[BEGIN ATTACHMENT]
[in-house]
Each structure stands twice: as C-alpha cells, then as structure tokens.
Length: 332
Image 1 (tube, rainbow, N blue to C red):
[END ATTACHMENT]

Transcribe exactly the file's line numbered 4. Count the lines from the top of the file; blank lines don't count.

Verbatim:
Image 1 (tube, rainbow, N blue to C red):